Duke Energy Foundation Tuesday announced $250,000 in grants that will help educate and train addiction specialists and help provide treatment for substance abuse disorder.

The gift provides $175,000 to Ivy Tech Community College for education grants and $75,000 to Hamilton Center’s WIN Recovery, an opioid treatment program. That pilot program uses medication-assisted treatment, administering methadone daily for opioid use disorder under monitored and controlled conditions.

$250K given to combat opioid addiction

Tribune-Star/Austen LeakeWorking together: From left to right, Duke Energy district manager Rick Burger, State Rep. Tonya Pfaff (D-43) and Hamilton Center CEO Melvin Burks share a laugh after Tuesday’s announcement of a $250,000 grant awarded by Duke Energy Indiana to Ivy Tech Community College and Hamilton Center.

“These two places were well positioned to help combat this issue in the Wabash Valley. We were looking to identify ways of how we can help address the opioid issue,” said Marvin Blade, vice president Indiana community relations for Duke Energy during an announcement at Ivy Tech’s Terre Haute campus. The foundation is funded by shareholders of Duke Energy.

Opioid addiction is a state strategic issue, Blade said, “and this is one of our top-ranking grants this year.”

Blade said this is the foundation’s first grant targeting opioids. Last year, the foundation contributed more than $2.2 million in Indiana.

“We know that the government can’t do it all, but as a corporate citizen we felt it is our responsibility also to step up to the plate and invest in the communities and individuals that help our workforce,” Blade said.

For Hamilton Center, the grant funding will allow 15 people to receive treatment for a year, said Melvin L. Burks, Hamilton Center’s chief executive officer. The grant funding, Burks said, will be targeted toward individuals not able to pay for treatment at Hamilton Center’s WIN Recovery clinic.

“They will go through (an assessment) process and receive counseling” in addition to daily medication assisted treatment, Burks said. “Hamilton Center received a license to open (an opioid treatment) facility in Vigo, then two more licenses for Knox and Hendricks County, but we receive no funding for those facilities, so Hamilton Center has to find ways to provide those services, and this grant will be one of those ways and we really appreciate it,” Burks said.

$250K given to combat opioid addiction

Tyson Cargal

“Opioid use disorder is a complex problem, not only (for) those struggling with addiction issues, but also (for) families, in particular children, as well as employers, social services organizations and the criminal justice system just to name a few,” Burks said.

The foundation grant will be used in an 11-county region including Vigo, Clay, Gibson, Greene, Hendricks, Knox, Owen, Parke, Putnam, Sullivan and Vermillion counties.

For Ivy Tech, it means scholarship support and work-and-learn opportunities for students to pursue certificates and degrees in nursing or addiction studies. Ivy Tech offers these programs throughout the Wabash Valley area at campuses in Avon, Greencastle, Bloomington, Terre Haute, Rockville and Linton.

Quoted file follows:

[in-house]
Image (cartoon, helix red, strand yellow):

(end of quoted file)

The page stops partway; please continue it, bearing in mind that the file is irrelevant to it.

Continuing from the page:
The funds will enable grants for 30 to 40 students across the six Ivy Tech sites, said Lea Anne Crooks, chancellor at Ivy Tech Terre Haute.

“We are working to make sure we have an impact on all of the 11 counties that (Duke Energy Foundation) wants us to touch,” Crooks said. “We have some people who already have a bachelor’s degree but can come back and get certification (for addiction counseling). That’s where we think we can have some immediate impact.”

$250K given to combat opioid addiction

Jamie Walters

Angela Hayes, assistant professor in human services at Ivy Tech’s Terre Haute campus, said “many people who have a bachelor’s degree may have exhausted their financial aid, through student loans or Pell grants, so this allows them to come back to take the course work then take a licensing exam,” Hayes said.

Ivy Tech has an “achieve your degree” agreement with Hamilton Center, Hayes said, after which students must obtain a bachelor’s degree to become a licensed addiction counselor.

In 2012, Indiana became a licensing state for the title of addiction counselor, Hayes said.

“More and more insurance companies, including Medicaid, are getting on board to reimburse the licensed individuals providing services, but they need to have the training and expertise to provide those services,” said Hayes, who is a licensed mental health counselor and licensed clinical addictions counselor.

Tyson Cargal is a current student at Ivy Tech in the human services program, who plans to get a bachelor’s degree or more.

“A lot of people are uneducated in what addiction is and what steps to even take ... “ said Cargal, who is also director of the Truman House, a recovery facility for men that uses a 12-step program. It has been open in Terre Haute for three years.

“We have three recovery homes and about 30 guys. It is complete abstinence ... a lot of guys come in with opioid, heroin and meth (addictions), just different backgrounds,” Cargal said.

Jaime Walters is a graduate of Ivy Tech’s program and works at Harsha Behavior Services as admission coordinator.

“I don’t think you will ever eradicate addiction because you will never eradicate disease,” said Walkers, who is seeking her bachelor’s degree and plans to seek a master’s degree. “We can fight as best we can. I think we need to start (addiction) education in the schools.”

To apply for the Duke Energy Foundation grant funds and for all Ivy Tech scholarships, visit www.ivytech.edu/financial-aid/scholarships.

Reporter Howard Greninger can be reached 812-231-4204 or howard.greninger@tribstar.com. Follow on Twitter@TribStarHoward.

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